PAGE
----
In recent years, several digital criminal attacks have garnered significant media attention. The COVID-19 pandemic has resulted in an insurmountable increase in these cyberattacks, which continue to advance at an alarmingly fast rate, with newer ways to commit various acts of cybercrime constantly emerging. (7) In the first session of the ad hoc committee on the UN treaty on cybercrime, the UNODC itself has acknowledged that governments must act quickly to meet the difficulties posed by cybercrime because of the acceleration of such crimes owing to COVID-19. (8) Even before the pandemic hit, cybercrime was on the rise. Especially worrisome, given its lucrative nature, it is predicted that cybercrime will "be more profitable than the global trade of all major illegal drugs combined." (9) At the same time, cybercrime will cost the international community $10.5 trillion annually by 2025. (10) Accordingly, in May 2021, the United Nations General Assembly approved Russia's resolution to draft a global treaty to tackle the growing threat of cybercrime, with a draft convention to be submitted for review in 2023. (11) While these efforts are commendable, there is significant potential for increased human rights violations amid a global treaty to combat cybercrime. Thus, drafters of the treaty must take into consideration, first and foremost, human rights concerns so as to reinforce the human rights framework in the digital arena. (12)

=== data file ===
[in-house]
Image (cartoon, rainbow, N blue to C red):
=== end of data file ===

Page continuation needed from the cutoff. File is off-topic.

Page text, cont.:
In considering this new cybercrime legislation, it is worthy to note that, while Russia spearheaded the process of establishing this global treaty on cybercrime, having initially been commended for its efforts, after the Russian invasion of Ukraine, criticisms grew. Many delegates expressed concern that negotiating with Russia at this time was inappropriate, given Russia's alleged use of cyberattacks in the ongoing conflict. (13) This has led to fears by those in support of a global treaty that the invasion would overshadow the negotiations process. (14) The committee chair rightfully urged the ad hoc committee "to focus on the substantive issues at hand." (15) Nonetheless, the first session of the ad hoc committee alone has revealed the tension between human rights and national security amid the ongoing conflict in Ukraine. But a global treaty on cybercrime, especially at this time, should be welcomed rather than feared, provided that governments exercise adequate care and due diligence to prevent the treaty from obscuring human rights concerns in the name of national security. It is clear that the COVID-19 pandemic as well as Russia's invasion of Ukraine have both complicated the process. However, as state cooperation is pivotal to the successful conclusion of this treaty, the delegates must set aside their political differences and focus on the outcomes that are required of them to address this pressing concern, especially given the current state of affairs.